Nostalgia, laughter, and empowerment over coffee

Aug 29, 2023
Laughter, childbirth stories, and shared moments bridge generations and cultures, uniting women in the joy of coffee and camaraderie. Source: Getty Images.

Yes, it only takes a moment to get lost in the past. While I was wrapping a birthday gift for my oldest friend, Barb, I had a nostalgic glimpse of our long-gone youthful teaching days. We were sitting in our smoky, foggy staffroom at lunchtime.

Some of the teachers in our all-female staff were the grand old dames. As well as teaching large grades of the future of the Catholic Church, these mature gals were the mothers of their own broods of their own.

One particular sunny lunchtime, one of these doughty, worthy women, Michelle, arrived for her cuppa and sandwich. She was busting her boilers over a conflict with a head honcho nun. This was all concerning a dispute about a ‘recalcitrant learner’. (Noble book, a laugh a minute). My dear old pal sat down in a huff, ate her lunch, and did not miss a biscuit. She could really make coffee fun.

The instant the nuns entered, for their neat and sweet tuna salads, Michelle launched into the secret women’s business of one of her many childbirth experiences. Her last sprog had been born in breech birth position. Everyone has their strengths, Michelle’s was to tell her gruesome tales of the labour room, with the full graphic and vivid vocabulary of a well- educated femme. Every detail was described. Barb, not being inclined to reproduce, went off for a walk, ‘to enjoy some fresh, Spring air’.

The attending nuns, nibbling away, turned as chartreuse as their lettuce leaves. After all, they had chosen their religious vocation so they would not have these painful memories of the pangs of bearing children.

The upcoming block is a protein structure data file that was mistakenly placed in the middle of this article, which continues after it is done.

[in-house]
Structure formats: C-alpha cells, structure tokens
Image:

“Must get on,” said the head honcho nun.

They all retreated from the staffroom and all this secret women’s business. Old Michelle said, “Good, that’s got rid of them!” Gee, we laughed. She still continued teaching her recalcitrant learners, and so did we. The instant a woman starts teaching, she is labelled a ‘fat old cow’. That is part of our job description. We all quickly learnt to teach such dear scholars not to be rude to teachers.

Years later, in my tutoring pathway, I was assisting a young Muslim lady, with her own bunch of little Australians. She and her family came here to live in peace, no bombs for breakfast. In one email, my student was describing a prayer meeting for women of her faith. After they had all read and studied their holy word, the gals opened their packets of biscuits and cake containers. Making coffee fun, they too shared their most painful childbirth stories. They enjoyed these times of the secret women’s business in a women only supportive way, good environment.

This insight caused me to examine some of the stereotypes we Australians can all be fed. My student wears a gold and green hijab, with an Australian flag on her shoulder bag. You might say we are all Aussie sisters under the skin. We are taking our part in shaping the future, despite any differences in our backgrounds or beliefs. Barb will visit for coffee, a gift, in our usual manner. We can all reminisce, getting lost in the nostalgia of a different era. History turns a page, now we are all the seniors. The players of the past gave us some great memories and good laughs. Here’s to making coffee fun, chick style! Women only, of course.

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